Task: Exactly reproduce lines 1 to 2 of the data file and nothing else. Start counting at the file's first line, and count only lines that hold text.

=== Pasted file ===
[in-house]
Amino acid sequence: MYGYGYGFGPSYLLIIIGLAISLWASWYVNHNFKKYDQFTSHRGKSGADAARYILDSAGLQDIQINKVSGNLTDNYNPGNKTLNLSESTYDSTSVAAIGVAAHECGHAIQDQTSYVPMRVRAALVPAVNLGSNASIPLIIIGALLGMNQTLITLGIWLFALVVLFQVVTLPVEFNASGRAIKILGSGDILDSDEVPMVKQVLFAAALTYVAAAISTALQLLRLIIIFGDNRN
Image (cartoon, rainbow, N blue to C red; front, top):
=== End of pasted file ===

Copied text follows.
[in-house]
Amino acid sequence: MYGYGYGFGPSYLLIIIGLAISLWASWYVNHNFKKYDQFTSHRGKSGADAARYILDSAGLQDIQINKVSGNLTDNYNPGNKTLNLSESTYDSTSVAAIGVAAHECGHAIQDQTSYVPMRVRAALVPAVNLGSNASIPLIIIGALLGMNQTLITLGIWLFALVVLFQVVTLPVEFNASGRAIKILGSGDILDSDEVPMVKQVLFAAALTYVAAAISTALQLLRLIIIFGDNRN